Story by Katie Susko | Photos by Illuminated mural by Julie Friedman
Murals, sculptures, architecture, fountains. Public art is what shows the true identity of a city. It can encapsulate the rich history and describe the current culture of the area it resides in.
Detroit’s public art has captured the attention of visitors from all over the world. Here are some of our favorites that you need to see while you’re in Detroit.
Public Art in Detroit
1. The Fisher Building
The Fisher Building in New Center is considered Detroit’s largest art object, and for good reason. Designed by famed architect Albert Kahn, the building was made almost entirely out of marble and granite. The top of the Fisher was originally covered in gold-leaf tiles when it was built in the 1920s. However, during World War II, it was feared that the building would become the target of bombings, so the gold was covered up with asphalt.
Photo by Jason Vaughn
2. Stevie Wonder mural
One of the newer murals in downtown Detroit, the Stevie Wonder mural was painted by London-based artist Richard Wilson. It’s located on the back wall of Detroit’s Music Hall Center, and right above another well known postcard mural. It was finished around the same time as Motown Record’s 60th anniversary–perfect timing to commemorate a Motown icon!
Belle Isle‘s beautiful fountain is a sight to behold. Adorned with dolphins, turtles and lions, this fountain was created as a monument to controversial socialite James Scott (there is even a life-size statue of him nearby overlooking the fountain). It’s close to Sunset Point, so a stop at this fountain also gives you the best chance to see Detroit’s skyline. The fountain typically only runs water during the summer.
Every year in the early fall, artists from all over the world descend on Detroit to paint new murals in Eastern Market. This has resulted in this 100+ year old public market being covered in beautiful artwork everywhere you turn. We can’t even pick a favorite to note here. Just set aside a few hours and wind your way through the market and its outer buildings to see why Eastern Market is so cherished.
The Guardian Building in downtown Detroit is an art deco masterpiece covered in orange brick on the outside, but a quick peek inside reveals something even better. The lobby has a three-story vaulted ceiling covered in an Aztec design made of Pewabic tiles and Rookwood pottery, and there is also Belgian black marble, Italian Travertine marble, and African Numidian marble in the columns and on the stairs. Plus there is a beautiful mural of Michigan near the back of the lobby. The building has previously been called the Cathedral of Finance.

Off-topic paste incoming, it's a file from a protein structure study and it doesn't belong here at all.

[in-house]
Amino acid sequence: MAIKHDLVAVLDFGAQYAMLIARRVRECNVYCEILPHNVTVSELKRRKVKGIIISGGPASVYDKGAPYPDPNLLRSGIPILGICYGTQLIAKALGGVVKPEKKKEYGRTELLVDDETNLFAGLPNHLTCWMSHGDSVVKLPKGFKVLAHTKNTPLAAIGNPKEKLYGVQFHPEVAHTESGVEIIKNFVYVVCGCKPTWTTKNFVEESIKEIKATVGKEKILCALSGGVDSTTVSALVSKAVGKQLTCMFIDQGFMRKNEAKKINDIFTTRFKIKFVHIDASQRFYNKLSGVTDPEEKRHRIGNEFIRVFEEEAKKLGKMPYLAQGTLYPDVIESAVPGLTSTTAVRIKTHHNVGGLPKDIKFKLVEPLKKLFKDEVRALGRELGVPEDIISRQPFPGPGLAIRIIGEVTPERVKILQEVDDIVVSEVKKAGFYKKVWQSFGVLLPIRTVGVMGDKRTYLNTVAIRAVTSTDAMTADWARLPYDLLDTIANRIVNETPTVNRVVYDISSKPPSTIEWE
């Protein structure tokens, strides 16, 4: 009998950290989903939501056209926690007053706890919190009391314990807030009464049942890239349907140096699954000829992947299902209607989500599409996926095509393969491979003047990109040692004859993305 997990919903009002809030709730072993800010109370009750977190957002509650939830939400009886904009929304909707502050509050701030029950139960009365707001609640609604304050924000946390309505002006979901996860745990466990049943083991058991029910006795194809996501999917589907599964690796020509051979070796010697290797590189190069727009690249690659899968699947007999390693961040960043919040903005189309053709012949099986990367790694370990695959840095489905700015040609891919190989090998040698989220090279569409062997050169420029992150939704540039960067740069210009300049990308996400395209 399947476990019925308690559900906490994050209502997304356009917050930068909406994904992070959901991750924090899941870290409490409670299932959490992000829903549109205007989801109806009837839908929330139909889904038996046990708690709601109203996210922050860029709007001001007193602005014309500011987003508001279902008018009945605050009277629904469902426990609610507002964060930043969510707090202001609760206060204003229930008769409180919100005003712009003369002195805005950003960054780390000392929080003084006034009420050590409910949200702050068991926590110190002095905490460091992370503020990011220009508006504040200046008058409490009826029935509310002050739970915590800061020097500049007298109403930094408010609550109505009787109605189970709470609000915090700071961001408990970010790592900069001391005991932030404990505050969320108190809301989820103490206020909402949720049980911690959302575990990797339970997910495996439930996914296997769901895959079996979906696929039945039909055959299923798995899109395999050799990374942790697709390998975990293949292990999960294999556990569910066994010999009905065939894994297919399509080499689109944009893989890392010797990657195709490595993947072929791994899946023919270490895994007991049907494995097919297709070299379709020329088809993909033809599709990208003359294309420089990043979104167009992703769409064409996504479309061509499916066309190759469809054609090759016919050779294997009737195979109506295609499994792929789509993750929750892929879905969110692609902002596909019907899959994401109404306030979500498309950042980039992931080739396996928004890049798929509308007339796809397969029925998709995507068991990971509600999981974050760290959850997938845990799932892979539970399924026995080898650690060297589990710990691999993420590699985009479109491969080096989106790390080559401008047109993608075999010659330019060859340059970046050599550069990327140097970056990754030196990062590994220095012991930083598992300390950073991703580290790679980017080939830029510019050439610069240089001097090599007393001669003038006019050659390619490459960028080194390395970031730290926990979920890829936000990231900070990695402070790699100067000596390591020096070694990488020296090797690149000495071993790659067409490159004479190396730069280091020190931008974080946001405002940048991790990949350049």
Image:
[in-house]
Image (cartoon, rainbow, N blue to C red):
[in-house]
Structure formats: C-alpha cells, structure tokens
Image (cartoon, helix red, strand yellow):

Guardian Building lobby by Bill Bowen
6. United We Stand sculpture
This sculpture is located in front of the Charles H. Wright Museum of African American History. Created by artist Charles McGee, the mural commemorates the 50th anniversary of the 1967 Detroit riots. The sculpture represents the artist’s three values – togetherness, unity and balance.
United We Stand sculpture by Michelle and Chris Gerard
7. MBAD African Bead Museum
The MBAD African Bead Museum and surrounding art installations were started by visual storyteller Olayami Dabls. He started the African Bead Museum as a way for his community to understand African heritage. The African Bead Gallery is surrounded by 18 outdoor art installations consisting of wood, iron, rock and mirrors, and addressing the human condition.
One of Detroit’s most famous pieces of public art, the Joe Louis fist statue is located right near the Detroit riverfront on Jefferson Avenue. It was a gift from Sports Illustrated magazine to the city commemorating the fight between Joe Louis and German boxer Max Schmeling, which was a huge moral victory for the U.S. in the years leading up to World War II.
Joe Louis fist by Vito Palmisano
9. The Belt
The Belt has quickly become one of Detroit’s favorite gathering spots. Covered in murals from international artists, the alley is a great example of the desire to reimagine underutilized spaces in Detroit. The Belt is also home to a bar, a restaurant, a nightclub and an art gallery. Be sure to visit all ten levels of the parking garage next door (the Z Lot). There is a different mural on each level, and great city views from the top.
The Belt; photo courtesy of Bedrock Detroit
10. Illuminated Mural
Located near Detroit’s New Center, the Illuminated Mural is 125 feet tall and located on the side of an Albert Kahn-designed building. Artist Katie Craig is currently working to repair the rainbow mural after it was damaged during construction.
The Illuminated Mural, photo by Julie Fiedman
11. Mural at Plaza del Norte Welcome Center
Muralist Elton Monroy Durán is well known in Southwest Detroit, for he has painted murals all around this neighborhood. One of his most popular murals is on the side of the Plaza del Norte Welcome Center. It’s a celebration of Mexican culture – covered in depictions of Mexican cinema icons dancing in the streets with current residents standing aside watching the fun.
Although it’s technically not out in public, Diego Rivera’s Detroit Industry mural at the Detroit Institute of Arts is a must-see for anyone visiting Detroit.